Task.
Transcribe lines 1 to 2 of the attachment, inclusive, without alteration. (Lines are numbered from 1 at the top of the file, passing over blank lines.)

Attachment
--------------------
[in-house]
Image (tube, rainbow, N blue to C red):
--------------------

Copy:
[in-house]
Image (tube, rainbow, N blue to C red):